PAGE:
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Grevillea alpina

The Australian flowering shrub Grevillea alpina has several common names, including mountain grevillea, alpine grevillea, and cat's claws. It is not limited to alpine environments, and in fact is less common at high elevation than low. The species is variable in appearance, with five general forms described: small-flowered, Grampians, Northern Victorian, Goldfields, and Southern Hills forms. It is found in dry forests and woodlands across Victoria and into southern New South Wales. Some forms of the plant are low to the ground, and some become a spreading shrub. The flowers come in many colours, from white to green to shades of red and pink, or a pattern of several colours. The curled flowers are 1 to 3 centimeters in length. It is attractive to nectar-feeding insects and birds.

Description[edit]

There is considerable variation in the form, leaves and flowers of the species. Plants are between 0.3 and 2 metres in height. The leaves may be linear, oblong or elliptic and are generally between 0.5 to 2 cm long and 1.5 to 4 mm wide. Both surfaces of leaves may or may not have hairs. The leaf edges may be curved backwards or revolute.[1] Flower colour is one of the most variable characteristics. The main colour of the perianth may be red, orange or pink or more rarely yellow or cream. There is often a transition of colour along the length of the perianth leading to commonly seen red-yellow or red-cream combinations. The main months of flowering are from August to December in the species native range.[2] The flowers are followed by hairy, leathery, ovoid fruits (follicles) that are between 8.5 and 12 mm long.[3] These split open, releasing winged seeds.[2]

Taxonomy[edit]

The species was first formally described in 1838 by English botanist John Lindley in Three expeditions into the interior of Australia. This description was based on plant material collected from Mount William in the Grampians during Thomas Mitchell's expedition in 1836.[4]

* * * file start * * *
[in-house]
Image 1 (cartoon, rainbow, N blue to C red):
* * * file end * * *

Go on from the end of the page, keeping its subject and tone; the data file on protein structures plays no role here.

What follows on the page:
In the Flora of Australia (1999), the species was positioned within the genus Grevillea by means of a hierarchical tree as follows:

Grevillea (genus)

Floribunda Group
Floribunda Subgroup
Grevillea floribunda
Grevillea polybractea
Grevillea chrysophaea
Grevillea celata
Grevillea alpina
Grevillea mucronulata
Grevillea kedumbensis
Grevillea granulifera
Grevillea guthrieana
Grevillea obtusiflora

Distribution[edit]

Grevillea alpina is widespread in Victoria extending from Melbourne northwards into New South Wales through Albury and as far north as Canberra where it is found on Black Mountain. Its westernmost extent is found in the Grampians in Victoria.[5] It occurs in woodland, heathland and mallee.

In The Grevillea Book published in 1995, the authors Peter Olde and Neil Marriott identified five informal forms:

Naturally occurring hybrids have been recorded with G. lavandulacea.G. dryophylla and G. obtecta.[4] In New Zealand, hybrids with Grevillea rosmarinifolia have become naturalised.[7]

Ecology[edit]

Honeyeaters are believed to be the major pollinators. Honey bees have been observed feeding on the nectar, but are able to do so without touching the pollen presenter.[8]

Cultivation[edit]